Spring has sprung, and for horseshoe crabs, that means making the journey to beaches along the Eastern U.S. for spawning season. Citizen Scientists like Leena in Moonlight Crab Count will be combing the beaches at night counting the ancient creatures hoping that it is a successful season for the crabs and shorebirds.
Author Jennifer Keats Curtis worked with ecology expert Dr. Neeti Bathala to write Moonlight Crab Count, and while doing research, she and her daughter Max became a Citizen Scientist for a day and here is her story!
As a lifelong Marylander, I’d seen horseshoe crabs but didn’t really know enough about them so I jumped at the chance to work with environmental ecologist Dr. Neeti Bathala so I could learn more! As part of my research, my daughter, Max, and I went to Ocean City, Maryland, to be part of a citizen science project—counting horseshoe crabs. During spring and summer, horseshoe crabs, who have migrated from Mexico to our East Coast, somehow know it’s time to lay to lay their eggs. They come ashore at night during lunar tides, when the moon is full and new. Horseshoe crabs are an important part of the ecosystem and scientists want to know how many there are. People, like Max and me, get to be part of the projects to figure that out.
One warm July evening, we met biologist Steve Doctor and two other scientists at the DNR boathouse and hopped aboard an old workboat. We literally hopped—we used a bucket as a stepladder.
Aboard the boat, we put out to the north side of Assateague Island, which was just a couple hundred yards from the boathouse and just shy of the famed Ocean City boardwalk. Max helped us record some data: 23.2 degrees Celsius, winds at 6 mph. On this island, we saw just five horseshoe crabs, all males. We picked one up and one of the scientists showed Max the “boxers” that make the horseshoe crab a boy. He had slipper shells stuck all over his shell. The little snails were apparently just along for the ride.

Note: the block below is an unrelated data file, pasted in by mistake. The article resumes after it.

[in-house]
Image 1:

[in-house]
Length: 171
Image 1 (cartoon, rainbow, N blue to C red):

As the sun set, we powered over to Skimmer Island, a coastal island that is home to endangered black skimmers. I was a little distracted by all of the incredible birds here, as well as the full-fledged heron rookery. We walked around the bend, and there they were—hundreds of living fossils, all coming onto the beach to mate and lay eggs. Max and I excitedly helped the scientists count as many horseshoe crabs as we could. We were thrilled to see so many until Steve told us that typically there are far more. In fact, the beach is usually totally full of horseshoe crabs and that just weeks before, he’d counted 36,000. Well, he didn’t count all of them; he did the math calculating footage and numbers.
When we returned home, once Max had eaten her weight in snacks from Candy Kitchen, I excitedly talked to Neeti about what we’d seen and we discussed ways to use this research in our story. She also told me about her wonderful dog, a boxer named Bobie, and we decided we’d make her a big part of the story. Woof!
I am over-the-moon excited about the beautiful illustrations by Veronica Jones and the chance for Neeti, Veronica, and I to share Moonlight Crab Count with children everywhere. Horseshoe crabs are fascinating, and they offer a chance for families to take part in a cool citizen science project.
The counting and tagging season is upon us, and there are opportunities for families to get involved and help researchers with their count. Visit horseshoecrabtagging.org and scistarter.com to learn more about counting projects in your area. If you are still not completely convinced to join the citizen science effort learn more on PBS The World’s newest documentary The Crowd & The Cloud. Each week they will highlight different projects and topics. In episode 4 watch for a mention of Moonlight Crab Count!
You can also learn about Jenifer’s book Moonlight Crab Count at arbordalepublishing.com or request a copy at your local bookseller.